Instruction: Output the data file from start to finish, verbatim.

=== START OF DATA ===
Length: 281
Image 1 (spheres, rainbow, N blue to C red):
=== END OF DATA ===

Length: 281
Image 1 (spheres, rainbow, N blue to C red):